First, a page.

Thursday night at Rusty’s Surf Ranch on the Santa Monica Pier, guitarist Duane Betts and his fellow Pistoleers guitarist Johnny Stachela joined the rhythm section of Gov’t Mule- drummer Matt Abts and bassist Jorgen Carlsson- forming the quartet, Bando. Throughout the summer, the historic ocean boardwalk hosts free Thursday night concerts on its planks. With an empty post-holiday date on the calendar, Rusty’s offered its own free show, bringing the four together for this unique one-off. Bando played a near two-hour set mostly of covers, ranging from Jimi Hendrix and the Rolling Stones to a pair of classics from The Allman Brothers Band. Betts and Stachela alternated vocals much of the night, with Stachela taking on Hendrix with “Spanish Castle Magic” and several blues standards, while Betts offered the Stones’ “Silver Train” and two originals, including “Taking Time.” The pair of guitarists extended solos on nearly every entry, including over fifteen-minute versions of the Allman’s “In Memory of Elizabeth Reed” and a closing “Whipping Post.”
On this night at the Roxy Theatre, the guitar was king. The six-string summit began early at the famous Sunset Strip venue; the house still filling in as Duane Betts and his Pistoleers took the stage a few minutes past eight o’clock. Tearing into the Rolling Stones nugget, “Silver Train,” Betts and his fellow axe man Johnny Stachela established the proverbial and literal tone right from the drop; blistering guitars and cranked-up amps. Plenty of jams rumbled through the half-hour set, with Stachela shining on slide and Betts driving sweetly melodic through his original “Taking Time,” then as the two paired up for a beautiful rendition of Betts’ father Dickey’s “Blue Sky.” Yet, this was but the thunder before the lightning.
The curtain parted on the North Mississippi Allstars with just the sibling duo of Luther and Cody Dickinson, on guitar and drums respectively, onstage. Luther, working both fretboard and keyboard through a crunching opener that left him with a broken string, seemed positively possessed by the spirit.
Your slide playing is fantastic. You have tone and touch that is hard to come by. If I wanted to learn to play the slide today, where should I start? Who should I listen to?
The first guys that really caught my ear were Duane Allman and Ry Cooder. I love Elmore James. I think Derek Trucks has taken slide guitar beyond the stratosphere. Good intonation is the most important skill when it comes to slide. You have to really develop your ear. The beauty is that without frets the possibilities are infinite. It’s much easier to start with open E or G tunings. You get the nice overtones while you’re developing your right hand technique. It’s nice to play in standard tuning as well because you can just pull out the slide in any song.
Give me one piece of musical advice you would give to a younger version of yourself.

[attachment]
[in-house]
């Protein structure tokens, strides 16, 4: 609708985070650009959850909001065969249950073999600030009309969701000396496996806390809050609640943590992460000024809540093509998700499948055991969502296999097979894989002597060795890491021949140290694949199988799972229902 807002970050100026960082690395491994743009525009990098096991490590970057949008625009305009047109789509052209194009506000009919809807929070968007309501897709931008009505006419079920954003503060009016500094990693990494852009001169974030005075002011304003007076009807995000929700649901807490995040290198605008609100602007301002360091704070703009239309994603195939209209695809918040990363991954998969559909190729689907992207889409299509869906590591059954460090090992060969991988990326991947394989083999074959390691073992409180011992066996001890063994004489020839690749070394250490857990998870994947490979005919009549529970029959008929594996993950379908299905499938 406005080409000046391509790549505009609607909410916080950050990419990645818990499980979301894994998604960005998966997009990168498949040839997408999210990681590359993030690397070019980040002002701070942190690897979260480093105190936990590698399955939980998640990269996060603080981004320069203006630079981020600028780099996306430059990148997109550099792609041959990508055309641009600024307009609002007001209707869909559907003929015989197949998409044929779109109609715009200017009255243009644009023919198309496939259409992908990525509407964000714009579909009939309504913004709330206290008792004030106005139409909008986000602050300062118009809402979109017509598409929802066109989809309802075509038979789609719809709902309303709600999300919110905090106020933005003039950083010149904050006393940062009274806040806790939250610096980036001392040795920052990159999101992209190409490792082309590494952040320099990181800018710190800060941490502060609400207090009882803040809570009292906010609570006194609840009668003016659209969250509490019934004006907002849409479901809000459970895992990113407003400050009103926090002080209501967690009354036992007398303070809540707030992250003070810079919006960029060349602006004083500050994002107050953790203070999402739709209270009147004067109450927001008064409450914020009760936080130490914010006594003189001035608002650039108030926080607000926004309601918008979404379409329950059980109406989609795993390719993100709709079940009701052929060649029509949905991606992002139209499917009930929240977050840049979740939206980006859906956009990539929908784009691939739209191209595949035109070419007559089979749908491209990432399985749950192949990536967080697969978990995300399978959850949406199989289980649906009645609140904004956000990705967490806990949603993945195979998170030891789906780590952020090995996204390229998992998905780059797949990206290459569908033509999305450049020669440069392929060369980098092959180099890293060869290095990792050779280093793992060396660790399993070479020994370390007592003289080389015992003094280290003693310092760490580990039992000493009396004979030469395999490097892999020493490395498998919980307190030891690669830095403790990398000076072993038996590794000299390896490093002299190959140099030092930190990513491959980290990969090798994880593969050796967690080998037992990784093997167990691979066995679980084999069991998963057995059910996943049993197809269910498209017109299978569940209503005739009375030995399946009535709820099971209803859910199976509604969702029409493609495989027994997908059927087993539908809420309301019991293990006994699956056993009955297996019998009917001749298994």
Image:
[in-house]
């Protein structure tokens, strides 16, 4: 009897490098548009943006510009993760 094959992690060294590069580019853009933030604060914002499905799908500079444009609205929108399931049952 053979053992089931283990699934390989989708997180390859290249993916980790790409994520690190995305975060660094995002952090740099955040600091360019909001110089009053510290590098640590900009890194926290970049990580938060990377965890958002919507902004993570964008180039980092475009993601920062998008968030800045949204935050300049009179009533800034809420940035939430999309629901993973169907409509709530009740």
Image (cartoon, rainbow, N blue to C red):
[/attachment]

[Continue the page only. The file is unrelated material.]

I was fortunate when I was younger that I had good people around me. My friend Ron Rogers taught me a lot about recording guitar and he turned me on to Howlin Wolf and guys like Kelly Joe Phelps when I was getting serious about slide guitar. I always had people pushing me to get out of my comfort zone and explore new music. The best musical advice is to listen to as much good music as you can and study it. It’s amazing how it will find its way into your own playing.
Handle It – EP
by Johnny Stachela Band
Digital Album Includes unlimited streaming via the free Bandcamp app, plus high quality download in MP3, FLAC, & more. Buy Now $5 USD
1. Handle It
3. Weight Of Your World
4. Automatic Pistol
released June 17, 2016
Sebastian Ciceri – Bass, Vocals
Vincent Fossett. Jr. – Drums
Produced and Mixed by Jorgen Carlsson
Engineered and Mastered by Steve Holroyd
Recorded at Rogers Boat Studio
All songs written by Johnny Stachela
“Handle It” and “Weight Of Your World” co-written by Stoll Vaughan
Born and raised in Los Angeles, CA, Johnny Stachela’s passion for the guitar ignited early in his life.
At age 5, Stachela says, “I would learn Black Sabbath riffs on a one-string toy guitar.”
He remembers the moment his commitment to music cemented.
“I was standing in the magazine aisle at Tower records, looking at a guitar ad. I knew then I had to play guitar. That was going to be my thing.”
He was right.
Stachela, an accomplished slide guitar player, has recorded with Grammy Award winning producer Eddie Kramer (Jimi Hendrix, Led Zeppelin), and he has warmed up stages for guitar legends like Dickey Betts, Robert Randolph, Robbie Krieger, Mike Campbell, and Robben Ford. But now, with the release of two EPs, Stachela is creating a legacy all his own.
Making music, for Stachela, is a calling that began with his connection to the blues.
“The blues to me has always been about the feeling. And that’s what I loved about it. Some people think the blues are sad, but for me it’s the release of emotion into musical expression. The blues is honest. It’s life. It’s so real. There’s so much feeling. There is comfort in knowing that others have the same pain. We’re all in it together.”
In 2017, when Duane Betts finished his tour duty with Dawes, the time was right to start a new band.
“Our friendship goes back awhile and we have a great chemistry playing music together.” The next obvious step was to focus on Duane’s original music. Duane Betts and the Pistoleers wrapped up their first year together with the Devon Allman Project, playing a sold-out show with a host of special guests at the Fillmore in San Francisco.